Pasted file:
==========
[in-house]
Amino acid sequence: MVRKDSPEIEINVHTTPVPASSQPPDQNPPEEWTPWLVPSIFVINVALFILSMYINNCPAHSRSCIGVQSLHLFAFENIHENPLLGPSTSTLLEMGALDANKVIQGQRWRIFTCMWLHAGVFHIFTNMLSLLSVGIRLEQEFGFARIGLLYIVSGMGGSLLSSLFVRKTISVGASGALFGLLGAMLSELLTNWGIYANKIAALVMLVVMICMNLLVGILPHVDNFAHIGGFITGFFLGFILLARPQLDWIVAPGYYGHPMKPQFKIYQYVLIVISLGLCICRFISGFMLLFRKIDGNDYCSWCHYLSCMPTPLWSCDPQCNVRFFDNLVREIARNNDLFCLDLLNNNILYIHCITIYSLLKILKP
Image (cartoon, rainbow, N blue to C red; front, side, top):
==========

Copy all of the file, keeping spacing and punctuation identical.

[in-house]
Amino acid sequence: MVRKDSPEIEINVHTTPVPASSQPPDQNPPEEWTPWLVPSIFVINVALFILSMYINNCPAHSRSCIGVQSLHLFAFENIHENPLLGPSTSTLLEMGALDANKVIQGQRWRIFTCMWLHAGVFHIFTNMLSLLSVGIRLEQEFGFARIGLLYIVSGMGGSLLSSLFVRKTISVGASGALFGLLGAMLSELLTNWGIYANKIAALVMLVVMICMNLLVGILPHVDNFAHIGGFITGFFLGFILLARPQLDWIVAPGYYGHPMKPQFKIYQYVLIVISLGLCICRFISGFMLLFRKIDGNDYCSWCHYLSCMPTPLWSCDPQCNVRFFDNLVREIARNNDLFCLDLLNNNILYIHCITIYSLLKILKP
Image (cartoon, rainbow, N blue to C red; front, side, top):